Accessing Octavia

Science fiction master Octavia Butler has been receiving lots of attention lately for her political prescience. Also of note, though, is the upcoming public release of her material from The Huntington Library's archives, which comprises her journals and personal papers (i.e., "rough and original novel drafts, photographs, journals, personal correspondences, financial records, mementos and memorabilia," according to the Los Angeles Review of Books). Here's a spread from one of the former:

Butler Journal

Writers, heed what Ms. Butler writes in purple: "All good things must begin."

Rochell D. Thomas interviews Dr. Ayana A.H. Jamieson, who wrote her dissertation on the author and founded the Octavia Butler Legacy Networkhere. A snippet from their conversation:

What was the most surprising thing you discovered while going through the archives at The Huntington?

The thing that has surprised me most was really how cash poor she was. She’d journal just about every single day. She would write something in her journals and then she would work on her novels or a story or whatever. She would be doing calculations in the margins — word counts and how much she would be paid per word for something, how much money she had to get through the week, or how much or how little food she could purchase. Her shopping lists down to the penny. Which meant she had to go without a lot of things to produce the writing that we have been gifted. And it was kind of heartbreaking. And I wouldn’t use the word surprising.

The other thing that affected me very deeply came when I was doing some research on the letters between her and Toni Cade Bambara for an article for The Feminist Wire. I came across this photocopy of a greeting card she had sent her mother. The card said: “Happy Thanksgiving and Merry Christmas, Mama. Don’t write on the check.” Octavia had a copy of the mortgage statement and the check that she had sent to pay off her mother’s mortgage. Finally, she’d had enough money. I think she’d gotten an advance on one of the Xenogenesis books, or maybe the whole series [which includes Dawn, Adulthood Rites, and Imago]. But she’d gotten a bunch of money and that’s one of the things that she did. I found that extremely touching and so generous and so loving — that her mother would not have to worry about paying rent or a mortgage. That, to me, was really, really moving.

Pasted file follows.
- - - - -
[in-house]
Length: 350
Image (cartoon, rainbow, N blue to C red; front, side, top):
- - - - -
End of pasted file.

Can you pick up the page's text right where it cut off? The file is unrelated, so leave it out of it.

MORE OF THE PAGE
If you're willing or able to make the trip to L.A. for the opening in April, up through August, more power to you! We may not have access to the full archives here at SLPL (at least not yet -- let's hope The Huntington digitizes!), but we do still have some interesting stuff on Ms. Butler you can check out:

Octavia's Brood: Science Fiction Stories from Social Justice Movements

Strange Matings: Science Fiction, Feminism, African-American Voices, and Octavia E. Butler

Conversations With Octavia Butler

Also on-shelf are her fiction titles:

Kindred

Parable of the Sower (Earthseed #1)

Parable of the Talents (Earthseed #2)

Lilith's Brood (Xenogenesis #1-3)

Fledgling

Seed to Harvest (Patternmaster #1-4)

Unexpected Stories

Survivor

Bloodchild and Other Stories

(...to name her most popular. Comb through our full holdings here.)

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